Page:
The Problem with “Big Tents”

(Note: This post originally appeared as a column in the Ottawa Hill Times.)

The thing that makes Canada a great country, besides its vast maple syrup reservoirs, is we Canadians enthusiastically embrace diversity and tolerance.

(And if you don’t agree with me on that, it clearly means you’re a dunderhead who should be deported to Borneo!)

Yet, despite the obvious wonderfulness of Canadian diversity and tolerance, I’d argue that political parties in Canada which get too diverse and too tolerant are unwittingly planting the seeds of their own demise.

Yes, I know that sounds terrible, but before anyone gets overly outraged and reports me to the nearest Human Rights Tribunal, hear me out.

The point I’m simply making here is that whenever a political party dilutes its ideological core belief system by welcoming into its ranks people of varying ideologies and agendas, it’s just asking for trouble.

And I say that fully realizing that opening up a party to different ideas — this is often called practicing “Big Tent” politics — has many undeniable political advantages.

After all, a party that’s less ideologically dogmatic and more tolerant to differing viewpoints can draw upon a greater talent pool of candidates, it’s often more flexible when dealing with national problems and, of course, it’s more representative of the population as a whole and thus has more potential voter support.

But history shows us that political tents which get too big are invariably unstable.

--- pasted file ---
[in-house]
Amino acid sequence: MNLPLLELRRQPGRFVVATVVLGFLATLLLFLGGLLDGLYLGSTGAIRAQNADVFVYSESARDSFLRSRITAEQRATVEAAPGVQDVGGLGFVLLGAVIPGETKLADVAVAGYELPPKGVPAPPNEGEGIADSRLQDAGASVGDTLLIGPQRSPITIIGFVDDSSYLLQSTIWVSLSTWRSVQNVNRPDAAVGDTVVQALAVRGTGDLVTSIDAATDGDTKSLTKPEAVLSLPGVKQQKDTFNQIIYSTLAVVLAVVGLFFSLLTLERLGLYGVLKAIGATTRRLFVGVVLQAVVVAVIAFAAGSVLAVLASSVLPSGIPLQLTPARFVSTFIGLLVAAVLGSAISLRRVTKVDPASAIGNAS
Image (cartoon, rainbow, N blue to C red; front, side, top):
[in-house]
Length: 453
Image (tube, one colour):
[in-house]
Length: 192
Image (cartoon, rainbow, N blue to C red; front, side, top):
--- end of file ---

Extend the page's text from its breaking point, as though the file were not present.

Consider the case, for instance, of the Progressive Conservative Party of the 1980s when it was led by former Prime Minister Brian Mulroney, who deliberately created a “Big Tent”, when he opened his party’s flaps to Quebec nationalists and allied them with Western populists and Ontario-based Red Tories.

It was an unlikely alliance of factions which had little in common ideologically, yet Mulroney somehow managed to lead this heterogeneous political force to two consecutive majority government victories.

But then, almost overnight, the PC “Big Tent” collapsed on itself – in the 1993 election it won only two seats.

What caused this Armageddon?

Well, once the euphoria of their electoral victories began to fade, the PCs resurrected their tribal resentments, grievances and prejudices which ultimately caused them to turn on each other like hungry wolves.

In short, without a unifying ideology to bind it together, the once mighty PC party split apart at the seams and sank into irrelevance.

And the same sort of thing happened to the federal NDP.

Recall how, when he led the NDP, the late Jack Layton decided to play down his party’s socialist platform in an effort to broaden its base.

In the short term, Layton’s strategy worked; in the 2011 federal election his party achieved the greatest victory in its history, with the NDP becoming the Official opposition and gaining a stronghold in Quebec.

And a more ideologically-tolerant NDP even elected a former Quebec Liberal, Thomas Mulcair, to succeed Layton.

Yet, during the 2015 election, when the more tolerant and diverse NDP came under ideological stress over such issues as banning the niqab, many of its new Quebec converts jumped ship and the party’s base cracked.

Maybe this is why a common theme in the ongoing NDP leadership race is that the party must return to its left-wing roots.

Or maybe the NDP is just learning from the Liberal Party, which certainly seems to prefer ideological conformity over tolerance.

Keep in mind it was Prime Minister Justin Trudeau –the self-proclaimed champion of diversity and tolerance — who basically purged his party of pro-lifers.

I guess the Liberals realize that in politics you can either have a “Big Tent” or a “Peaceful Tent”; you can’t have both.

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